Original Research ARTICLE
Culture Change and Eating Patterns: A Study of Georgian Women
- 1Ilia State University, Georgia
- 2King's College London, United Kingdom
Immigration and culture change have been thought to affect various aspects of psychological wellbeing, including eating behaviours. This study aimed to examine the association between immigration, acculturation strategies and eating patterns. Acculturation was conceptualised and measured by acculturation strategies of integration (maintaining original culture and adopting the new culture), assimilation (adopting the new culture and leaving behind the old), separation (sticking with the original culture only) and marginalization (maintaining/adopting neither culture). Eating patterns were conceptualised by dietary restriction, eating concern, shape concern and weight concern. Links between demographic variables, acculturation strategies, and eating patterns were also examined.
Five hundred and six Georgian women took part in the study: 253 living abroad (UK and USA) and 253 living in Georgia. Measures included East Asian Acculturation Measure (EAAM) for acculturation strategies (assimilation, integration, separation and marginalization subscales) and Eating Disorder Examination Questionnaire (EDEQ) for eating patterns (dietary restriction, eating concern, weight concern, shape concern subscales and global score). Relevant demographic variables and Body Mass Index (BMI) were recorded.
Comparisons of immigrant and nonimmigrant groups using Multivariate Analysis of Covariance (MANCOVA) with BMI as a covariate found a difference in dietary restriction only, with immigrants yielding higher mean score than non-immigrants. The global EDEQ scores of immigrant and nonimmigrant groups were almost identical though. Correlations between separation and marginalization and four EDEQ scores were statistically significant and positive, while correlations between integration and two EDEQ subscales were mildly significant and negative. Regression analysis showed that separation and marginalization strategies of acculturation were significantly linked with EDEQ eating concern, shape concern, weight concern and global scores thereby representing predictors of elevated eating outcomes.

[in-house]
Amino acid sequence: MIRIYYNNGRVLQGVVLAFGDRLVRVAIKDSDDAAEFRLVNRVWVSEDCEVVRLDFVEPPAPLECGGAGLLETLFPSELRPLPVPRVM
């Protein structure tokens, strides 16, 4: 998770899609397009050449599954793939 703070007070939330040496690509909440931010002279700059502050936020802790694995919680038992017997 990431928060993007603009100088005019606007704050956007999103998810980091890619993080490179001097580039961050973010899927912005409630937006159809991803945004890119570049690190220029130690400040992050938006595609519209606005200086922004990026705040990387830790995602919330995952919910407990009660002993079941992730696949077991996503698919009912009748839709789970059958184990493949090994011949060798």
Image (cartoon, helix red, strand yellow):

Findings suggested that moving to Western countries increased dietary restriction among Georgian women. Furthermore, while living abroad, the lack of integration in a host culture, as a common denominator of separation and marginalization strategies of acculturation, may predict elevated eating, shape and weight concerns among women relocated over six years ago. Acculturation conditions may also be linked with integration or wellbeing outcomes.
Keywords: Acculturation, immigration, cross culture, Eastern Europe, Eating patterns, Disordered eating
Received: 20 Mar 2019;
Accepted: 01 Aug 2019.
Copyright: © 2019 Shekriladze, Javakhishvili and Tchanturia. This is an open-access article distributed under the terms of the Creative Commons Attribution License (CC BY). The use, distribution or reproduction in other forums is permitted, provided the original author(s) and the copyright owner(s) are credited and that the original publication in this journal is cited, in accordance with accepted academic practice. No use, distribution or reproduction is permitted which does not comply with these terms.
* Correspondence: Prof. Kate Tchanturia, King's College London, London, United Kingdom, email@example.com